DHS changes direction

With Spirit canceled, contractors seek new paths into department

Ken Susskind of 3H Technology said Spirit's cancellation was a setback to the firm's business plan.

Rick Steele

Sandy Gillespie of Lockheed Martin Corp. said the company is focusing on existing DHS contracts while looking for new ones.

Rachael Golden

For 3H Technology LLC, the Homeland Security Department's planned $5 billion Spirit program offered a chance to secure a firm toehold in the new department.

The Vienna, Va., small business began making plans in late 2002 to pursue Spirit, shorthand for Security Planning and Integrated Resources for Information Technology, when the procurement appeared as a solicitation for the Coast Guard, said Ken Susskind, vice president of business development at the company specializing in IT support services.

The company formed a team of more than 20 small and large IT integrators, niche solution providers and strategic vendors to provide the wide range of IT services envisioned under Spirit, he said.

But Spirit's cancellation at the end of July means that 3H Technologies and the hundreds of other potential bidders must revamp their strategies for getting DHS business by relying on the department's existing contracts or winning new contracts when they come out next year.

"The cancellation of Spirit was a disappointment and a business plan setback for our company, as well as for many of our teammates," Susskind said. "It offered the opportunity for many small and small-disadvantaged businesses to win a major contract vehicle with DHS and bring many new technologies to assist on the war on terror."

Spirit was one of many megacontracts that DHS planned in its effort to consolidate the technology platforms of its 22 agencies and fulfill its primary mission to fight terrorists and respond to natural disasters. According to Input Inc., a Reston, Va., government IT research firm, approximately 350 vendors expressed an interest in participating in Spirit. The five-year contract would have had multiple winners that would have competed for task orders.

DHS put Spirit on hold in May to re-evaluate whether it was needed in light of contracts and future procurements that could fulfill the department's IT needs instead. When Spirit was canceled, Greg Rothwell, DHS' chief procurement officer, said the department would look at existing vehicles for IT services and would create an office for IT acquisitions to consolidate procurements and cut costs.

[IMGCAP(2)]The department's specific plans are unclear. Rothwell also said DHS was developing a new departmental strategy for acquisitions that would stress integration across all its agencies.

DHS also anticipates that it will issue many IT support contract awards in 2005, according to the FedBizOpps Web site, which lists federal procurement opportunities of more than $25,000.

Near-term, DHS will use government-wide contracts as much as possible, although down the road the agency will create an IT Acquisition Center of Excellence that will draw on the expertise of its procurement and technology communities, said a source with knowledge of the department's plans.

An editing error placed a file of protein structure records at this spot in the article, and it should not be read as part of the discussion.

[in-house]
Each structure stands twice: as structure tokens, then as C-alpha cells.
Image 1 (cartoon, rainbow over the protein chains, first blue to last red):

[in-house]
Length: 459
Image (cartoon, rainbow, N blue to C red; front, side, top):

As 3H Technology readjusts its strategy to get IT work from DHS, it will pursue a combination of prime contracts and subcontracts, establish mentor-protégé relation- ships with large companies supporting DHS and use partnerships it already has with other IT companies, Susskind said.

SiloSmashers Inc., a Vienna, Va., management and technology consulting firm that was interested in subbing on Spirit, will look for prime contractors that hold DHS contracts and "try to convince them to bring us on their contract," said Joseph Gawlik, the company's vice president of business development.

SiloSmashers also will have to do more on its own to get DHS work, especially because many of DHS' IT contracts don't have tasks or labor categories for the company's services, which include business process re-engineering, change management and organization modernization, Gawlik said.

"Spirit had those requirements in the Management Analysis and Planning functional area, and we don't see that in other DHS contracts," he said.

Large systems integrators and IT companies also plan to use existing contract vehicles and new ones to get more IT work from DHS.

Capgemini, an international provider of consulting, technology and outsourcing services that was interested in Spirit as a prime or a subcontractor, plans on using DHS' program management support services contract, said David McGill, an account executive at Capgemini Government Solutions LLC of Vienna, Va.

Earlier this year, the company was one of five firms to win the five-year blanket purchase agreement worth $25 million, $5 million per company. Under the contract, Capgemini helps the government manage the implementation of various programs and puts in place an automated system that lets management track the status of these initiatives.

Lockheed Martin Corp. is concentrating on existing DHS contracts as well as possible new contracts, said Sandy Gillespie, vice president of civil integration and technical services at Lockheed Martin Information Technology. Gillespie, who oversees the contractor's DHS and Justice Department business, declined to say which contracts the company would use.

"We have a number of existing vehicles, but we need to be armed and ready to identify additional vehicles to pursue additional contracts," she said.

Staff Writer Roseanne Gerin can be reached at rgerin@postnewsweektech.com.

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